Rust: A language for the future

I can already hear everyone moaning about why another language has been created and how it will differ from the vast selection of languages that already exist. What will make it different and how will it actually improve the current situation where choosing the right language for the job has come down to what language you know the best. Well the truth is it probably won’t but I have found my last 3 weeks with the Rust language rather enjoyable and interesting.

Rust is a new language that was officially unveiled in 2010, and is backed by Mozilla. The main goal of the rust language is to facilitate the creation of large, scalable client-server applications, however the language provides much more than that. Rust is being designed with a major focus on safety, concurrency and memory control, and for these reasons alone it could be the language which makes C++ obsolete.

While C++ is one of the most popular programming languages, and has been used for programming anything from embedded device firmware to video games and even as a hardware specification language, it is inherently unsafe and allows dangling and null pointers to exist within applications. Furthermore, C++ places the responsibility of memory management and clean-up on the programmer which leads to many applications being vulnerable to buffer overflows and memory exploits.

Rust corrects these issues by not allowing the use of dangling pointers and by using its own memory management techniques to allocate and free memory, thus taking the responsibility away from the programmer. While Rust strives to be an efficient language, its performance is not as good as pure C/C++ code, however it is better that the C++ code which offers the same memory security as a Rust application.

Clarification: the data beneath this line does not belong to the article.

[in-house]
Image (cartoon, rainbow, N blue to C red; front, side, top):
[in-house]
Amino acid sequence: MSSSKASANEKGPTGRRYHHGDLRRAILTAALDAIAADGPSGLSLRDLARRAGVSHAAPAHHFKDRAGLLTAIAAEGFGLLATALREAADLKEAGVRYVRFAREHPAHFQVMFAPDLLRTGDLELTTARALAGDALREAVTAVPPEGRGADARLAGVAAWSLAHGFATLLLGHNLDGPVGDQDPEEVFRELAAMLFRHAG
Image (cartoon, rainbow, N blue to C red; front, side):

Rust is more than just another OO language that tries to overtake C++, but rather a completely new programming paradigm. Rust has borrowed features and principles from many programming languages, such as OCaml, Erlang, C#, C++, Ruby and Lisp, in order to provide a language that anyone can enjoy. Furthermore, Rust offers the programmer the ability to program in a pure-functional, object-oriented, concurrent-actor or imperative-procedural style, which should make it an easy language for most programmers to pick up. Furthermore, the Rust compiler uses LLVM as its backend which should mean that it can play along nicely with many other compiled languages.

Now that you know what Rust is all about let’s look at some code.

fn main() {

println(“hello, world”);


As you can see, Rust follows the C/C++ language style with the use of curly braces to denote the start and end of a method.

To show off the flexibility of Rust have a look at the Fibonacci code below. The first section of code is implemented as a recursive procedural style while the second utilizes Rust’s pattern matching ability to implement the Fibonacci method in a very functional way.

fn fib(x: int) -> int {
    if (x == 0) {